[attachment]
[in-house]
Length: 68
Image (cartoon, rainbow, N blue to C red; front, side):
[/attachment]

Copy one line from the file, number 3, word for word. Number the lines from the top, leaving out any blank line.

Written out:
Image (cartoon, rainbow, N blue to C red; front, side):